We never know what people are actually thinking; all we can do is make inferences from their behavior, including inferences about the inferences they're making.
Sometimes someone makes an expression or a comment that seems to carry an overtone of contempt; I know your type, it seems to say, and I disapprove. And there's a distinct pain in being on the receiving end of this, wanting to reply to the implication, but expecting to lack the shared context needed for the reply to begin to make sense—
"Yes, but I don't think you've adequately taken into account that I know that you know my type, that I know your type, that we can respect each other even if we are different types of creatures optimizing different things, and that I know that this is all relative to my inert, irrelevant sense of what I think you should adequately take into account, which I know that you may have no reason to care about."
"I think we should set aside some time to discuss how I could provide more value to you."
"That's an awfully disingenuous way of proposing a negotiation; you're not that altruistic."
"The function of speech is to convey meaning to the listener. I speak of providing more value to you because that's all you should care about; if it happens that the means by which we arrange that I do so involves you providing more value to me, well, that's as irrelevant as it is obvious."
Fun movie, but if we're not going to try to accurately portray the historical Turing, I preferred Greg Egan's version where a time-traveling robot woman helps him cure cancer.
"You don't get to decide what I am! ... for the same reason that I don't get to decide what I am! 'What I am' is an empirical question to be settled by evidence and reasoning, the answer to which I can exert some limited control over in proportion to the strength of the self-modification techniques I have at my disposal!"
"I'm concerned about the socially-undesirable implications of a model described by this causal graph."
(studying it) "Have you considered that these arrows might point in the socially-desirable direction instead?"
(with exasperation, as if realizing he is doomed to have this conversation dozens of times with everyone who is not a Dark Rationalist corrupted by cruel apprehension of patterns that innocents were not meant to see) "Yes, I have considered that! I consider it extremely implausible!"
diff --git a/.bash_aliases b/.bash_aliases
index 648287f..e00dbc9 100644
@@ -34,6 +34,9 @@ alias gre="env | grep"
alias grps="ps aux | grep"
alias grports="netstat -tulpn | grep"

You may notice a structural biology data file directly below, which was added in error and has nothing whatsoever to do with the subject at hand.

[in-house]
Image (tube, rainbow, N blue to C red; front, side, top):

"I miss you."
"I suspect you miss the idea of me."
"That was an entirely unexpected and yet hauntingly plausible response, which I take as evidence that I miss the real you; my mere idea of you can't do unexpected and plausible at the same time."
In the future, instead of the endless runaround war of "I'm offended!" and "I'm offended that you're offended!", our children's children's children will just write down their utility functions and use an off-the-shelf algorithm to merge them and compute the exact, correct tensor of offendedness under the unified consensus social norms.
A roman à clef about a very religious teenager who gradually figures out that God isn't real around ages 20 and 21, spends the next eight years feeling OK about this, then one day suddenly realizes that God not being real implies that prayers don't work, and freaks the fuck out. His friends (who grew up in the same community but don't share his incredible lack of native talent for hypocrisy) are unsympathetic. "You really thought that would work?" "Yes!" "But didn't you notice that—" (sobbing) "I didn't!"
Two wrongs can make a right, if you choose the second wrong very carefully.
"Me? I like songs with words. I don't care for, like, classical music."
(with barely-concealed contempt towards his interlocutor's ignorance and confusion) "But you like the Star Trek: Voyager theme, right?"
"I love the Star Trek: Voyager theme!!"
Sing a song of Purpose for the coder's missing nerve,
Of the melancholy bytes of which the proxy is to serve—
Arise, O coder's fury, set the wrongful source to right
Where the use-case fits the market and the market is alight!
I used to look down on posers who submit some contrived one-off trivial patch to a big, famous project like Django or whatever, sheerly for the glamor and ego-gratification of being able to say, "I'm a contributor to Django." I thought that if it wasn't a fix that you needed for your own work and you're not going to be a seriously involved contributor, it's more dignified to only work on your personal projects (which would be more authentic) or some non-super-famous but still widely-used library (which would have more socially-useful unfinished work left).